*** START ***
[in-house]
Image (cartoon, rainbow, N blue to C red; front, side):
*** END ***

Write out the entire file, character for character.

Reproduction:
[in-house]
Image (cartoon, rainbow, N blue to C red; front, side):